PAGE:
7 responses to The 4 Western States With An Amish Population (2018)
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    Alice Mary
    Comment on The 4 Western States With An Amish Population (2018) (October 11th, 2018 at 10:13)

    It’s interesting to me to learn about how the Amish in particular feel the need to set up communities in areas far from other Amish communities. They are true pioneers. I am interested in learning how they fare in coming years. I find the whole idea of their moving West to be a modern day adventure of a people who are traditionally known to be “in the world but not OF the world”. It’s gotta be difficult.

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      Comment on Amish in the West (October 11th, 2018 at 11:05)

      Amish in the West

      Good thoughts Alice Mary, I think the natural beauty of the West draws some Amish to want to live there…it’s not uncommon that Amish from the East and Midwest take trips West when they are adolescents and early 20s for sightseeing or hunting. No doubt some return with the idea of wanting to make a home in some of the beautiful locations they’ve visited.

      One big challenge though is having enough other Amish people around or close enough, especially when children grow older and need to find potential spouses.

      That was one of the reasons for the end of the Washington community I mentioned at the end of the post. Here’s what Vernon Yoder said in the article:

      ‘“It’s paradise here,” Yoder said. “It’s going to be hard to leave it. But it’s for our families’ sake. We’ve got to do it if we’re going to keep our family together. That’s one of the most important things in life.”

      The main problem, he said, is that some of their children are growing up and need to find mates who share their religion and background. Those who are leaving are all part of Yoder’s immediate and extended family.’

      http://www.spokesman.com/stories/2004/may/21/washington-amish-settlement-dwindles-as-four/

      As to gauging the long-term survivability of a fledgling Amish community, I imagine someone could probably work out a formula giving odds of survival factoring in things like size of the community, age of members, and distance to other Amish.

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    Al in Ky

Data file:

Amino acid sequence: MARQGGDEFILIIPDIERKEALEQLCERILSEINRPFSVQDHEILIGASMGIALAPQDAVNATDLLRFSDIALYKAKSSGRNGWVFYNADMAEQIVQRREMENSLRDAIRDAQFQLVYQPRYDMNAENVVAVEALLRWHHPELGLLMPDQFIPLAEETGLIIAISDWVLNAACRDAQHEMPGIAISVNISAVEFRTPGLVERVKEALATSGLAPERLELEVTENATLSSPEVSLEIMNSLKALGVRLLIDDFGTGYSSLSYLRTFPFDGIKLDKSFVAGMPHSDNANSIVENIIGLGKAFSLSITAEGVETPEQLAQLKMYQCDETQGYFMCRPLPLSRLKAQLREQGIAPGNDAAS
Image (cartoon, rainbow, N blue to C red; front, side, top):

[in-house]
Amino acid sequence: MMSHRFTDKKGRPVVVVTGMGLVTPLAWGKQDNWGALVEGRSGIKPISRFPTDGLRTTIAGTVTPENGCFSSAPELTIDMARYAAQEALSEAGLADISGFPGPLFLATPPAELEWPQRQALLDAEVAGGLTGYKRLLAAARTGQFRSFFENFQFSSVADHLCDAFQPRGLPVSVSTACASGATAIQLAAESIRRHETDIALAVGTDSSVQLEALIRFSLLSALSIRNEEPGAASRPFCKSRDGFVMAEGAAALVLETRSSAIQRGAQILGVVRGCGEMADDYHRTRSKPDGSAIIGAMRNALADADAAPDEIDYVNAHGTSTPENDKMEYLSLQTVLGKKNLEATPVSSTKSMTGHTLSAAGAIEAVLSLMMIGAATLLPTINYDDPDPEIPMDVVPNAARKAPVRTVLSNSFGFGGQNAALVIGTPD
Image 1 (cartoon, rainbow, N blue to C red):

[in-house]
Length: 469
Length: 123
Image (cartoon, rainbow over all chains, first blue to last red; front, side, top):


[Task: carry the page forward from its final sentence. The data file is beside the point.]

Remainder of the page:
Comment on The 4 Western States With An Amish Population (2018) (October 11th, 2018 at 20:15)

    I enjoyed reading this post about Amish in 4 Western States. I also enjoy reading reports in The Budget newspaper from scribes in each of the 4 states. There are lots of reports of hunting of wild game animals, as well as many reports of Amish visitors coming to visit from Midwest and Eastern states.

    In a recent issue of The Budget, one of the Montana scribes reminisced about the beginning of the Amish in Montana in the Rexford settlement in the 1970’s. They stated that in the early years, three Amish men bought a 27,000 acre ranch and “That was pioneering in the real sense of the word…” and “From that beginning we have spread out in settlements all across the Northwest…”.

    I agree with you, Erik, that I think the next Western state for Amish to again settle is Washington. Eastern Washington is not far from Western Montana.

    • Wow 27,000 acres, I don’t know how that fares size-wise as far as your typical ranch out West goes, but sounds like a huge amount of land. So I’d suppose later settlers probably have purchased land sectioned off from this original parcel.

      Interesting you agree on Washington state, it reminded me of this post from a few years ago…I did not include Washington but maybe it would be a good time to do another one of these. None of my predictions (NH, ND, UT, AL, AK) have seen Amish settlements in the three years since: http://amishamerica.com/five-new-states-where-amish-may-settle/

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    Roger
    Comment on The 4 Western States With An Amish Population (2018) (October 12th, 2018 at 05:28)

    The Montana settlement is particularly interesting to me since that state has traditionally been home to the Hutterites, another German-speaking Anabaptist denomination that nonetheless has a completely different manner of living. I developed my own fascination with their culture after meeting a group from one colony while on a vacation to western Montana many years ago. It doesn’t seem like the Rexford settlement is close by to any of the colonies, but nonetheless wonder if there has been any interaction among them.

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      Comment on Amish and Hutterite interaction (October 12th, 2018 at 12:42)

      Amish and Hutterite interaction

      Roger a few years ago we had a series of posts here on Hutterite life by Linda Maendel, who belongs to a Hutterite colony in Manitoba. The question of Amish/Hutterite interaction came up at one point on a post on Amish in South Dakota; here’s what Linda wrote:

      ‘Amish/Hutterite Interaction

      Yes, Amish and Hutterites do interact. I know Hutterites who have Amish pen pals and there has been some visiting as well. There are many Hutterite colonies in South Dakota, so it’s likely that there would be a colony or two in that county.’

      Not about Montana specifically but hopefully that’s of interest. Here’s the original comment thread:
      http://amishamerica.com/amish-in-south-dakota/#comment-75335

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    ADalton
    Comment on The 4 Western States With An Amish Population (2018) (October 13th, 2018 at 23:01)

    Very interesting! I had no idea there were Amish in Wyoming and Montana. Would be nice to visit those communities someday.
    I also noticed that the Saint Ignatius community is on the Flathead Reservation. I am curious to know how well they get along with the local Native Americans.

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